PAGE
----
Of course, it’s not really hard to reboot your system and then choose the correct option in th GRUB menu, but it does mean you have to stay around to prevent GRUB from booting the default OS, instead of walking to the kitchen to get a cup of coffee / tea  / [insert beverage of choice here]. Well, there’s a solution for that, a command called grub-reboot. For example:

sudo grub-reboot 6

This will set the 7th entry in the list of OSes as the default for one boot (it’s a 0-based index). Then reboot, et voila! You still have to know which entry to boot, of course, but you can just count it once and remember. Right? Well, it’s not always that simple.

The problem is that sometimes a new Linux kernel is installed and the old one is kept, to be able to reboot safely when the new kernel doesn’t work (which has actually never happened to me, but is a possibility when running Debian unstable). In that case, you might need to reboot to a different entry. Besides that, I wanted to have a nice icon to click on, that would set the grub entry and reboot me in one simple step.

I’ve created a simple shell script that reads the correct menu entry from grub.cfg and sets that up for the next boot. After that the script calls gnome-session-quit to request a reboot (you can choose between Cancel, Restart or Power Off):


# Find the menuentry containing Windows
#entry=`grep menuentry /boot/grub/grub.cfg | grep -n Windows | cut -d":" -f 1`
#entry=`grep -E '^menuentry|submenu' /boot/grub/grub.cfg | grep -n Windows | cut -d":" -f 1`
entry=`grep -E '^menuentry' /boot/grub/grub.cfg | grep -n Windows | cut -d":" -f 1`

/usr/sbin/grub-reboot $(($entry - 1))
# Use line below for gnome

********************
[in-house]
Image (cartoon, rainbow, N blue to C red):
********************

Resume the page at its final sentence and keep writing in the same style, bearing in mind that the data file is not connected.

#gnome-session-quit --power-off

# Use line below for xfce
xfce4-session-logout --fast

Update (16-5-2013): The version of Grub I currently use, adds support for submenus. Only top-level menuitems and submenus should be counted.

Update (12-2-2014): The current version of Grub does not count submenu items as bootable items. Changed reboot command to match XFCE, which is my current DE (a script could/should be made to auto-detect this).

Save it as ~/bin/reboot-to-windows.sh (or some such). Use chmod to make it executable. Also, you will probably have to fiddle with write rights to /boot/grub/grubenv. Either create a grub-reboot group that you add all allowed users to, and set that as the group for the file. Or you can add yourself and other allowed users to the ‘root’ group (Beware: This might introduce serious security issues). Or you can just make the file world-writeable (which allows all users to fuck up your system by corrupting the file).

Now, to create an entry in the Gnome-shell menu (yes, I use Gnome-shell), create a file ~/.local/share/applications/RebootWindows.desktop with the following contents:

#!/usr/bin/env xdg-open
[Desktop Entry]
Name=Reboot to Windows

Where ‘your-username’ is your username, obviously. I’m not sure ~/bin/reboot-to-windows.sh will work, instead of a full path. The Icon entry refers to a svg graphic I created, here it is:
Windows reboot desktop icon
Save the file. The entry should now show up and be clickable.


Update (31-12-2012): I forgot a modification in /etc/default/grub:

# Enable grub-reboot

Otherwise, grub will just boot the first entry, no matter what.